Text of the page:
From Harford Community College:
In honor of Constitution Day, Harford Community College is hosting a lecture by Robert Ginsberg, Ph.D. on “The Bill of Rights: How It Has Endured” on September 17 at 12:30 PM at the Hays-Heighe House located on campus. Free pocket Constitutions will be available, along with light refreshments. The event is free and open to the public.
Dr. Ginsberg will discuss the philosophical character of natural rights and human rights as they are embodied in the United States Constitution and its fundamental amendments. He makes a case for going beyond the historical origin of those rights to their grounding as permanent, universal, and growing principles.
A professor of Philosophy at Penn State University, Dr. Ginsberg is director of the International Center for the Arts, Humanities, and Value Inquiry, an independent scholarly organization. He earned his Ph.D. in Philosophy at the University of Pennsylvania, his B.A. and M.A. in Analysis of Ideas and Study of Methods at the University of Chicago, and was a Fulbright student at the University of Paris for two years.
Seating is limited and reservations are recommended; call 443-412-2539 or email email@example.com .
In addition to the lecture, pocket Constitutions will be available at several locations on campus throughout the day. HCC’s Office of Student Activities will host a voter registration table in the Globe Café in the Student Center from 10 AM to noon. The HCC Library will have a display about Constitution Day and the Constitution in place for most of September. For more information, visit http://harford.libguides.com/content.php?pid=146923&sid=1248592.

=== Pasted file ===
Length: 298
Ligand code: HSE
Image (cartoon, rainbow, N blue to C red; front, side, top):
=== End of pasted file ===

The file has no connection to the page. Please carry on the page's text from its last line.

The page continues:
Constitution Day was introduced by the late Senator Robert Byrd, who sponsored a bill designating September 17 as the day for citizens to commemorate the signing of the U.S. Constitution. He added the Constitution Day clause to his 2004 federal spending bill, mandating the teaching of the Constitution in schools that receive federal funds, as well as federal agencies.
The lecture is sponsored, in part, by the Maryland Humanities Council’s Speakers Bureau and various College departments and student organizations.
For more information, call 443-412-2495.